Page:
To what extent we live in a free society?

Groups of ideas and practices shape people’s behaviour and culture, which influence our perception of a free society. So, perhaps we have never been free.

“Hong Kong as we knew it is finally dead,” said pro-democracy legislator Claudia Mo. A few days ago, China officially broaden its power over Hong Kong by approving a controversial law on security practices [1]. Protests criticising the Chinese government can become a violation and some activists could be punished for wanting to live in a free society. It’s easy to see new legislation imposing more restrictions to free speech overseas, but how do we know whether we are really living in a free society?

Discourses are influential sets of ideas and practices that exist only in particular conditions which may differ between societies and can be one explanation for people’s freedom [2]. For example, political freedom described as the absence of oppression and coercion takes different forms in the UK and China. In 2010, the government created the “Great Firewall of China” by removing Google from mainland China [3]. Compared to Britons, Chinese have far less freedom. Some Chinese citizens would feel freer with a democratic election, which some Britons growing up in the UK, might take for granted. Although the UK allows access to Google, there are other types of restrictions: the country has quietly relaxed a thirty-year ban on satirising footage from parliament sessions [4]. Depending on where you live, some limitations might create different views of a “free society.”

The French philosopher Michel Foucault argued that each discourse has its potential to produce power relations centred around knowledge [5]. Simply put, who owns the information, can influence who don’t—for example, the government & people or parents & child. Power establishes in a society when individuals accept the information that has been given to them, without question. May it come from the media, scientific findings, or even religious beliefs. As a result, each person creates his or her interpretation of true freedom. In other words, power relations shape the discourse of freedom in each society. 

Discourse and lockdown rules.

In March, the UK government imposed a lockdown and social distancing norms to minimise the impact of the COVID-19. It was a reasonable decision, but a few people questioned the government’s rationale for each measure. For example, how did officials decided that each person could exercise outside for up to thirty minutes a day? Why not forty-five minutes or ten minutes? Still, thirty minutes outside was the new concept of freedom for people living in the UK during the COVID-19 crisis. This example shows how government officials, possessing information that was unavailable to the mass, created a power-knowledge relation.

Living in a free society is in itself a discourse, which suggests that our interpretation to what extent we live in one lies on the knowledge available to us. Otherwise, Britons could have argued for more or less time outside. Even the person’s interest and ability to understand any discourse is a discourse in itself. This is interesting because it might explain partly why some individuals usually do not question authority. Some discourses may influence us to think and feel we are free. Thus, our perception of living in a free society is subject to a set of political and ethical practices.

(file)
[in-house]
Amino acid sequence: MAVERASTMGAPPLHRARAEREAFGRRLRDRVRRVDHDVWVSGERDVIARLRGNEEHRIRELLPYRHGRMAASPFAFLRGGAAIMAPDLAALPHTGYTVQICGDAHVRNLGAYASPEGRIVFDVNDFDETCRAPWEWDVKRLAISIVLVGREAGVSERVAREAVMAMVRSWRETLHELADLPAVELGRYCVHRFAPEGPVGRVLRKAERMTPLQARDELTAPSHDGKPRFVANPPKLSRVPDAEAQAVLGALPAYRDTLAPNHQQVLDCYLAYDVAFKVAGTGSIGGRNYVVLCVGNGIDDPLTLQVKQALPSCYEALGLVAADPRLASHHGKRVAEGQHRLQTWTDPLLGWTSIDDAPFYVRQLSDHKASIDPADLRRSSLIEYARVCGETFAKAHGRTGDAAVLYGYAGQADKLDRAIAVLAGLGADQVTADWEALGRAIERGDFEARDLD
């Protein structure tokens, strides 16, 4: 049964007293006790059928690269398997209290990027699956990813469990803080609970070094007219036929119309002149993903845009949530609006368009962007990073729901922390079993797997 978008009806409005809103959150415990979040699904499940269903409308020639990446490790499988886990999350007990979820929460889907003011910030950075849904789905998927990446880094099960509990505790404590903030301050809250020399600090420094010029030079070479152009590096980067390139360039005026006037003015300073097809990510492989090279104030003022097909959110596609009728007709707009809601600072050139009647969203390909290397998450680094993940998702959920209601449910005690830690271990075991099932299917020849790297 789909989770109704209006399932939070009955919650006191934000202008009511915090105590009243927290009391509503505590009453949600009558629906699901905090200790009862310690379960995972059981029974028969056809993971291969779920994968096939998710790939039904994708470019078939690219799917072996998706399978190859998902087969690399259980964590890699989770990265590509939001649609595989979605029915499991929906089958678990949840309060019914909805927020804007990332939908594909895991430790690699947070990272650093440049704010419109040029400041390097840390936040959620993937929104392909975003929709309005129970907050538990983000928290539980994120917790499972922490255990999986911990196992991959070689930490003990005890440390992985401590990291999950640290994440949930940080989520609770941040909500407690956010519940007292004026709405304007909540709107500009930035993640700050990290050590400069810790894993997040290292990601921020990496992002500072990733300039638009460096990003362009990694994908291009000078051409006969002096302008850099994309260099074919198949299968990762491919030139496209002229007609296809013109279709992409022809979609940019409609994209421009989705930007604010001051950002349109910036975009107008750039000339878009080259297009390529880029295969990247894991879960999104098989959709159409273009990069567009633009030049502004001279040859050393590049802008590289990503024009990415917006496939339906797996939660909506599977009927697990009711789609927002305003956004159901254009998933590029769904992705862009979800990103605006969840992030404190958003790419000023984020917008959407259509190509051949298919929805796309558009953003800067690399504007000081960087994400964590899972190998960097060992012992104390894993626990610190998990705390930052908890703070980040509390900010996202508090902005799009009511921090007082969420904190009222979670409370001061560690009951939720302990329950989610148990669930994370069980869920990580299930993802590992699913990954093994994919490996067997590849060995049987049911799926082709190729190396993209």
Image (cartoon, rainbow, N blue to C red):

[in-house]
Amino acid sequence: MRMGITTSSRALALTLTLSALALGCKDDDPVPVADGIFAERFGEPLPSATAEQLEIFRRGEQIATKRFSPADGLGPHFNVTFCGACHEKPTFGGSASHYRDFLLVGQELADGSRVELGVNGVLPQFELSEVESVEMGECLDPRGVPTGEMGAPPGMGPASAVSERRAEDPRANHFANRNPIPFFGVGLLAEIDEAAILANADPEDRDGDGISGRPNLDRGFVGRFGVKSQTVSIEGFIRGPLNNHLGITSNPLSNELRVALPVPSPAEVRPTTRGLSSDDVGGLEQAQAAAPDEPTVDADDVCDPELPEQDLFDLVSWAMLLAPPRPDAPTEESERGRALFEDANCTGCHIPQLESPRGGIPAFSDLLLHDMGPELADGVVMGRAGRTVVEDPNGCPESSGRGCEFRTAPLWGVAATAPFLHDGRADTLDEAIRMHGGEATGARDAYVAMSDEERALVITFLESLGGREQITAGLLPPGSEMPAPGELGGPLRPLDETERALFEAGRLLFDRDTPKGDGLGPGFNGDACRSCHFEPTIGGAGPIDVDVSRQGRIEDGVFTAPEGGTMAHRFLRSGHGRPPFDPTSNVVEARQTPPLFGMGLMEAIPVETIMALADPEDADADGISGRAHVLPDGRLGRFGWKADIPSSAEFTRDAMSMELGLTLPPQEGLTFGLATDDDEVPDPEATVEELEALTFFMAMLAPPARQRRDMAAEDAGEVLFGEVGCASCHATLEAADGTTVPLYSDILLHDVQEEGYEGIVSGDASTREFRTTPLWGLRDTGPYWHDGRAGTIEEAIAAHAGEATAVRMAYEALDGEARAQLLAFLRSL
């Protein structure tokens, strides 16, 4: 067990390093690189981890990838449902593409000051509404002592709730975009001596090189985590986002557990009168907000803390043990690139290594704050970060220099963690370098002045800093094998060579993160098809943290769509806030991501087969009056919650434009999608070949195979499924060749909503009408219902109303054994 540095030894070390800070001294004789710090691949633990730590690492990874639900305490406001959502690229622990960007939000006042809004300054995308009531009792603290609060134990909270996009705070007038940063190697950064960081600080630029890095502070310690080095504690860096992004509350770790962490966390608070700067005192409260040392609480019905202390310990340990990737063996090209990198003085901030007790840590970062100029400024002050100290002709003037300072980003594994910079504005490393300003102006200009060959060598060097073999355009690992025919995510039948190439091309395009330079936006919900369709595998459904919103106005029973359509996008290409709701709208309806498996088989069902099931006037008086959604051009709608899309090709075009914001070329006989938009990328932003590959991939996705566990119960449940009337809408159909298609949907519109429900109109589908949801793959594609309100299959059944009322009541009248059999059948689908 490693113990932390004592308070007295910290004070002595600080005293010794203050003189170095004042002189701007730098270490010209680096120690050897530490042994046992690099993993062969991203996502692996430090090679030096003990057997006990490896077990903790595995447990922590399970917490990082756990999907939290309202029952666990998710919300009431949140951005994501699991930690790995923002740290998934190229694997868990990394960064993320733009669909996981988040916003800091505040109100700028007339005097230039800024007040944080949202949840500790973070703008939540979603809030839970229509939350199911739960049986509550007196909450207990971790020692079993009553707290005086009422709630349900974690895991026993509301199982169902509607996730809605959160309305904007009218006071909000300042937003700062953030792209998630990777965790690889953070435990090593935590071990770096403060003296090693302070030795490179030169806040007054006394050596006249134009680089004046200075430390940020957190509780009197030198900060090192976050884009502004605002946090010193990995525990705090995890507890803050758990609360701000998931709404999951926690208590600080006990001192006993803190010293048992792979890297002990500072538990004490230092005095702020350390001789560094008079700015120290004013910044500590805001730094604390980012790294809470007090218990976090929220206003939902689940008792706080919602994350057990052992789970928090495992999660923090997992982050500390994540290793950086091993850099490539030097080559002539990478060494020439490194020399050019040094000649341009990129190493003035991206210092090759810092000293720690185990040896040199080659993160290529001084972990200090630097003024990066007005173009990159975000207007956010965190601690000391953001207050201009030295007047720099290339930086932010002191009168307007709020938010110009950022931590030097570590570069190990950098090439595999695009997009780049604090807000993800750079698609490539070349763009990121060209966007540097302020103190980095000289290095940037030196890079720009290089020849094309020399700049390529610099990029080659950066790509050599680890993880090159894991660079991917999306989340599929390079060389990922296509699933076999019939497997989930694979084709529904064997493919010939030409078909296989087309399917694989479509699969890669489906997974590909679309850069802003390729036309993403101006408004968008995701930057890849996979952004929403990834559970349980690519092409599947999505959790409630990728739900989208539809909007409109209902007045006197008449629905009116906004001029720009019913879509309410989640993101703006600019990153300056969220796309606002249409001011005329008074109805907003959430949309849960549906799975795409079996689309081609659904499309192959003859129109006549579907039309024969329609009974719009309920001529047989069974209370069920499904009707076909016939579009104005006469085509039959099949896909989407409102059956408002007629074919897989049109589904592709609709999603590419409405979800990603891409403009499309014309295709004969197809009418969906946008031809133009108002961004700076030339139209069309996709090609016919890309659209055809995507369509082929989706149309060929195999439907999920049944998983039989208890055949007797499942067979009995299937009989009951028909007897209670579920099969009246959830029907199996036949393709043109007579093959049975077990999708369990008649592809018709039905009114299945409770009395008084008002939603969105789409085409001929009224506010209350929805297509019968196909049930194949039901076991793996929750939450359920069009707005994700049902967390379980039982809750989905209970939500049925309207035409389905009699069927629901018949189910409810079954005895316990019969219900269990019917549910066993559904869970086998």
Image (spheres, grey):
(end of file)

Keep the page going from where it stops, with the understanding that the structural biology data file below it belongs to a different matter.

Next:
However, individual interpretations of a free society may only be partly understood by those living under specific constraints, like a communist country. Recently, the Chinese government has expelled correspondents from well-known news outlets, including The Times and the Washington Post, and demanded detailed information about their work reporting the COVID-19 crisis in China [6]. Given the online restrictions, most Chinese will not read international news before forming an opinion on government measures. Constraints are relevant because they drive human behaviour and activities, shaping culture in coherent but unexpected ways [7]. Both Chinese and Britons may show diverging opinions on how free they feel about their governments, especially during a pandemic.

The solution for creating a free society it’s not an easy one. Closing down power-knowledge gaps and holding accountable some individuals or organisations for lack of freedom is not enough. Also, in doing so, it might release others from their responsibilities and actions. Foucault’s discourse analysis is a valuable tool to critically develop a free society. However, changing people’s perception of freedom might take a long time, in which the government plays a critical role.

The extent we live in a free society is shaped by discourses and our ability to interpret each one. The difference between the media, governments and even parents affect how each person act and think towards a free society. It seems that, despite the limitations to Foucault’s ideas, we are not entirely free. Current discourses will always shape thoughts, opinions and behaviours. Human agency is limited, and the concept of living in a free society makes sense only in a political and social system that produces knowledge and meaning.



[2] Gill, S. (1995). Globalisation, market civilisation, and disciplinary neoliberalism. Millennium, 24(3), 399-423.

[3] Wikipedia:

[4] Chortle:

[5] Foucault M. (2002). The archaeology of knowledge. London: Routledge.


[7] Hewer, C. J., & Lyons, E. (Eds.). (2018). Political psychology: A social psychological approach. John Wiley & Sons.

Banner photo by Simon Shim on Unsplash

Google image is a screengrab; date 2nd of June 2020 from

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